Scapin's Trickery | Barbican, London

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The Independent Culture

There's a wonderful sequence near the end of Scapin's Trickery, in which Moliere's wily eponymous valet hoodwinks a ghastly skinflint geriatric into clambering into a sack to hide from entirely imaginary cut-throats. While acting out a vigorous fantasy scenario of stoutly defending this oldster, replete with bravura ventriloquial switches, Scapin takes the opportunity to thrash his victim black and blue. In Jean-Louis Benoit's spirited production, the sack is hoisted on to a pulley and makes preposterous pendulum swings so that the violence looks like the bizarre grudge-beating of an animated carpet.

There's a wonderful sequence near the end of Scapin's Trickery, in which Moliere's wily eponymous valet hoodwinks a ghastly skinflint geriatric into clambering into a sack to hide from entirely imaginary cut-throats. While acting out a vigorous fantasy scenario of stoutly defending this oldster, replete with bravura ventriloquial switches, Scapin takes the opportunity to thrash his victim black and blue. In Jean-Louis Benoit's spirited production, the sack is hoisted on to a pulley and makes preposterous pendulum swings so that the violence looks like the bizarre grudge-beating of an animated carpet.

The play, which has been brought to the Barbican by the Comedie-Francaise as part of the Paris Sur Scene festival, caps this joke twice. First, when the grotesque Geronte (Malik Faraoun) fearfully pops his head out of the sack and observes Scapin writhing on the floor in a solo orgy of multiple impersonation. Then, with barely a pause for breath, the old man is subjected to a further gross insult. The very picture of traumatised immobility, he is treated to an elaborate account of his own bamboozling which is delivered as a hysterical anecdote by a snorting young lady who doesn't know him from Adam.

The trouble in all this, though, is that by the time this succession of good gags finally arrives, you've almost forgotten what it feels like to laugh out loud.

The Comedie-Francaise once had a reputation for heavy, hide-bound traditionalism. My old French teacher used to dismiss the institution as "a lot of busts and statues - offstage and on".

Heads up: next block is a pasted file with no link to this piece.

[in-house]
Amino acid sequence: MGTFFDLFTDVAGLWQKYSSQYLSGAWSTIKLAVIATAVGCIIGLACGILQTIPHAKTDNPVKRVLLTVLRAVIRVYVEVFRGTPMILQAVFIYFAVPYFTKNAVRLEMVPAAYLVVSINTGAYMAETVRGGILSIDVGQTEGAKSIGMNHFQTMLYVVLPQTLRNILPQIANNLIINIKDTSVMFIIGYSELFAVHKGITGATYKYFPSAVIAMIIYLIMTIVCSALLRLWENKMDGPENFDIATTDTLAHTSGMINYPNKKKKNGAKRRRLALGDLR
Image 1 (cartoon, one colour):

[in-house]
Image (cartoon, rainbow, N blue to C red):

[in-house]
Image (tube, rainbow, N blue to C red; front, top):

In 1997, as part of a Gallic theatre season, London audiences had the first chance in 20 years to check the public image against the facts at an exquisitely astringent staging of Marivaux's Les Fausses Confidences. Now, though, in this comparatively lightning return, the company has chosen to regale us with a disappointingly slight piece.

Scapin's Trickery is an anthology of knockabout commedia dell'arte routines and stock types (their actors' faces here daubed in mask-like white pancake) and you would suspect that it came from the start of this playwright's career, were it not for the streak of middle-aged melancholy that afflicts the eponymous resourceful valet.

A harder-edged, less cultured precursor of Figaro, Scapin is excellently played by Gerard Girourdin, who alternates between laid-back superiority and manic energy, both betokening his disillusion at the world's ingratitude.

Scapin enjoys making his supposed betters beg for his services, a fact neatly illustrated here when Girourdin calmly walks off stage left, leaving his master gibbering. He then casually saunters back on from the other side, ready now to concede a connoisseur's measured interest in his plight.

Set in the port of Naples (all bobbing model galleons on silk seas) and propelled forward here by jokily melodramatic thunderclaps, the play focuses on two young chumpish heirs who have fallen in love with apparently unsuitable girls and now have to face the wrath of their fathers who have recently returned from trips abroad. The cast perform the slapstick with style and brio, proving that you can be light without being lightweight. But one would like to see them in a piece that played around with more than conventions. Too much of a shortish evening, it looks likely to appeal, in the main, to theatrical trainspotters.

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